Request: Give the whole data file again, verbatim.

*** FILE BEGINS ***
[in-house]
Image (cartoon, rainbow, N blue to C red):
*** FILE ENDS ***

[in-house]
Image (cartoon, rainbow, N blue to C red):